Healthcare-Acquired Conditions can be prevented through the effective implementation of patient safety programs. Patient safety programs help healthcare organizations streamline reporting and track data over time in order to identify areas of improvement, while also providing a significant cost avoidance opportunity.

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1- Agency for Healthcare Research and Quality. (2016, December 9). AHRQ Tools To Reduce Hospital-Acquired Conditions. Retrieved from
2- Agency for Healthcare Research and Quality. (2019, January 29). AHRQ Analysis Finds Hospital-Acquired Conditions Declined By Nearly 1 Million from 2014-2017. Retrieved from
3- Office of Disease Prevention and Health Promotion. (2019, September 24). Overview. Retrieved from
4- American Nurses Association. (n.d.). ANA CAUTI Prevention Tool. Retrieved from infection-prevention/ana-cauti-prevention-tool/
5-Agency for Healthcare Research and Quality. (2018, July 25). Central Line-Associated Bloodstream Infections (CLABSI). Retrieved from topics/central-line-associated-bloodstream-infections-clabsi.html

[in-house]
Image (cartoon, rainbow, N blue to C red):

6-Centers for Disease Control and Prevention. (2018, December 17). What is C. diff? Retrieved from
7-Joint Commission Center for Transforming Healthcare. (2015). Reducing C. Diff Infections. Retrieved from improvement-topics/reducing-c-diff-infections
8- Patient Safety & Quality Healthcare. (2018, December 19. TJC Releases Compliance and Sentinel Event Stats for First Half of 2018. Retrieved from https://www.
9- Agency for Healthcare Research and Quality. (2013, January 31). Preventing Falls in Hospitals. Retrieved from hospital/fallpxtoolkit/index.html
10- Bouldin, E. L. D., Andresen, E. M., Dunton, N. E., Simon, M., Waters, T. M., Liu, M., … Shorr, R. I. (2013, March). Falls among adult patients hospitalized in the United States: prevalence and trends. Retrieved from
11- RTI International. (2016, November 17). Safety Program for Perinatal Care. Retrieved from
12- Joint Commission Center for Transforming Healthcare. (2017). Hospital Acquired Pressure Ulcers Prevention. Retrieved from
13- Joint Commission Center for Transforming Healthcare. (2019). Surgical Site Infections. Retrieved from improvement-topics/surgical-site-infections
14- Eloquest Marketing. (2018, July 11). Financial Impact of Surgical Site Infections. Retrieved from
15- Timsit, J.-F., Esaied, W., Neuville, M., Bouadma, L., & Mourvllier, B. (2017, November 29). Update on ventilator-associated pneumonia. Retrieved from https://www.
16- Joint Commission Center for Transforming Healthcare. (2018). Venous Thromboembolism (VTE) Prevention. Retrieved from